Hispanic Heritage Month takes place every year (September 15-October 15) to celebrate and honor Hispanic Americans. This year, the 2020 U.S. Census Report was released, revealing tremendous growth and change in the Hispanic population, plus a confirmation that the country is becoming more diverse.
Taking valuable information from the report – from spending to language preferences – and understanding how the Hispanic community has been impacted by COVID-19 can be helpful when distributing news to this population.
Here are six key takeaways about Hispanic Americans that every marketer should know.
1. Population is not Based on Immigration
It’s a common misconception that immigrants make up most of the Hispanic population in the United States. In 2010, 74% of Latinos living in the country were U.S. citizens, which increased to about 80% in 2018. Currently, four in five Hispanics are U.S. citizens. This includes those born in the U.S. and its territories, children born abroad to American parents, and immigrants who have become naturalized citizens.
The 2020 Census reveals the overall Hispanic population in the U.S. grew by 23%, to a total of 62.1 million. In the past 10 years, 51.1% of the total U.S. population growth came from the Latino population.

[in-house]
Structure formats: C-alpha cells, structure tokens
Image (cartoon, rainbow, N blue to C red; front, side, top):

By 2019, 12 states had Hispanic populations of at least 1 million – Arizona, California, Colorado, Florida, Georgia, Illinois, New Jersey, New Mexico, New York, North Carolina, Pennsylvania, and Texas.
These population figures are just one reason why so many organizations are beginning to actively build relationships within various segments of the U.S. Hispanic community.
2. Language and News Consumption
There are two main misconceptions when communicating with today’s Latinx audiences.
The first is that the only way to communicate with U.S. Hispanic audiences is in Spanish.
Driven by younger generations, the number of English-speaking Latinos in the United States is growing. In 2018, 71% of Latinos ages five and older spoke English proficiently, up from 59% in 2000. U.S.-born Latinos are driving this growth, as their share on this measure has grown from 81% to 90% during this time.
The second false assumption is that Hispanic Americans only consume their news in Spanish.
According to the Pew Research Center, 82% consume English content from television, print, radio, and internet outlets. A typical household spends more than 29 hours a week watching TV and 13 hours a week listening to the radio. Surprisingly, radio remains one of the most reliable ways to reach this consumer.
Similar to mainstream news consumption trends, the U.S.-Hispanic newspaper audience has declined while broadcast viewership has increased. For instance, Univision and Telemundo have fared better with both network and local television audiences.
At Business Wire, these numbers are why we focus on building relationships with an extensive list of Hispanic publishers. We understand the opportunities companies have within this continuously growing market. Through this targeted reach, which includes translation, we ensure Hispanic media outlets can use your news to reach both English- and Spanish-speaking audiences.